One of SpongeBob’s favorite pastimes is “blowing soap bubbles into elaborate shapes.”

Hence, Mr. SquarePants is the honorary mascot of the gross-to-net bubble and appears on Drug Channels whenever we discuss the topic. He also graces the set of the Drug Channels Video studio.


Through the compounding effect of gross-to-net pricing differences, the total value of manufacturers’ off-invoice discounts, rebates, and other price concessions for patent-protected brand-name drugs continues to expand. We estimate that in 2021, the total value of gross-to-net reductions for patent-protected brand-name drugs was $204 billion.

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As the list price of a manufacturer’s products rises, the dollar value of the manufacturer’s rebates and discounts grows. The manufacturer also offers larger rebates to offset the increase in list prices. Hence, the total value of the gross-to-net bubble expanded by about $15 billion (+8%) in 2021, despite the slowing growth in list prices and negative growth rates for net prices.

The chart below, which appears as Exhibit 169 in our 2022 pharmacy/PBM report, summarizes our estimates of the major components of the gross-to-net bubble for brand-name drugs in 2021. We estimate that a majority of total gross-to-net reductions for these products come from rebates paid to third-party payers. Note that the total value of gross-to-net reductions exceeds the figure above, due to the inclusion of brand-name drugs that have lost patent protection and face competition from generic equivalents.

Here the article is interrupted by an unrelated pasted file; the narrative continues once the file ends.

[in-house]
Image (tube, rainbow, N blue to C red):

[Click to Enlarge]


As longtime readers know, Drug Channels has long delved into the gross-to-net bubble’s significant impact on patients.

Here are some of the most pernicious problems:
  • Patients are exposed to the undiscounted list price of their prescriptions. Many people now pay a coinsurance percentage of the price negotiated between the pharmacy and the plan or PBM—or even the entire list price when they are within a deductible. (See Employer Pharmacy Benefits 2021: Patient Specialty Costs Rise with Coinsurance and Accumulators.) The negotiated price that the pharmacy receives for a brand-name prescription is linked most closely to a drug’s WAC list price.
  • Patients can pay a greater share of net price than is apparent from their coinsurance amount. Formulary rebates paid by manufacturers to plans and PBMs are not reflected in the negotiated prices between pharmacies and PBMs. Unless the plan sponsor has adopted POS rebates, patients pay a coinsurance percentage of a prescription’s undiscounted, pre-rebate list price. Consequently, a patient’s share of the net price is greater than is apparent from the coinsurance percentage computed based on the list price.

    In How Health Plans Profit—and Patients Lose—From Highly-Rebated Brand-Name Drugs, I follow the dollar for an expensive, highly rebated brand-name drug used by a consumer with a high-deductible health plan. As I demonstrate, the consumer can pay more than twice the true discounted price of the drug. Meanwhile, the health plan pockets a large rebate.
  • Seniors with Part D coverage pay more than they should. A patient’s progression through the Part D benefit tiers is based on the prescription price negotiated between the plan and the pharmacy. That negotiated price excludes rebates, so beneficiaries reach catastrophic coverage—and its unbounded 5% out-of-pocket expense—sooner when using products with higher list prices. Higher list-price products also push more beneficiaries into the catastrophic reinsurance phase, raising seniors’ out-of-pocket costs by thousands of dollars.

    Congressional proposals to reform the Part D benefit design focus on capping out-of-pocket costs. Alas, no legislation has been passed.
In Section 9.3.3. of our 2022 pharmacy/PBM report, I outline other ways in which the gross-to-net bubble disrupts proper functioning of the marketplace. Despite these issues, it seems unlikely that benefit designs deemphasizing rebates will be adopted anytime soon.

But like Mr. SquarePants, I’m (still) ready.